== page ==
To avoid late fees and account processing delays in the future, make sure to send the payment to the new servicer.
You Get a 60-Day Grace Period After a Servicing Transfer
If you accidentally send a payment to the previous servicer, the new servicer cannot consider it to be late if:
If you accidentally sent a payment to the old servicer during this time, as long as the old servicer receives the money before it’s due (including any grace period permitted by the mortgage documents), the new servicer cannot impose a late charge or treat the payment as late for any other purposes.
What to Do If a Problem Arises
Sometimes, during a transfer, payments sent to the old servicer are lost, which results in the new servicer possibly not crediting the money to your account. Contact your new servicer and ask them to credit the account if you send a payment to the old servicer but it isn’t returned and they don’t credit it to your account. You can call the servicer and send copies of any supporting documentation, along with an “notice of error,” to the old and new servicers. Federal law mandates that both the new and old servicers must look into and respond after you send the servicers your notices of errors (so long as the servicing transfer happened less than a year ago). (12 C. F. R. § 1024. 35. ).
Continue paying the new servicer your regular payments as scheduled while the servicers investigate the situation. For at least two months, keep an eye on your account with the new servicer to make sure the funds are being credited to it.
Consider speaking with an attorney to learn how you can enforce your rights if the new servicer declines to credit a payment you sent the previous servicer to your account.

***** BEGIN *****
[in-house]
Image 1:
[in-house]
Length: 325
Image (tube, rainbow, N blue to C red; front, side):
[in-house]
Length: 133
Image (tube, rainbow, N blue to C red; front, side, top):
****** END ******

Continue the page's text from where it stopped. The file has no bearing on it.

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Why is the servicing of my loan being transferred?
A servicing transfer simply means that you, the borrower, will send your payments to a different business. Additionally, that business will now look after your escrow account, respond to inquiries about your loan, and oversee the foreclosure procedure in the event that you fall behind on payments.
Is specialized loan servicing legitimate?
Is Specialized Loan Servicing Legit? Yes. A mortgage servicing business called Specialized Loan Servicing, LLC, collects on residential mortgages. Many customers will get a notification from SLS even though their mortgage was initially held by Bank of America or even Country Wide.
Why did my mortgage loan get transferred?
Mortgage servicers receive fees for managing your account, and occasionally they might decide to sell the rights to manage your mortgage to another business. Your mortgage may be sold without your permission, and your loan may be sold more than once.
What happens when your loan gets transferred?
Until you receive the letter from the new lender, you should keep paying your old lender. Borrowers are given a 60-day grace period while the loan is transferred, during which the new lender cannot charge late fees or deem the loan delinquent.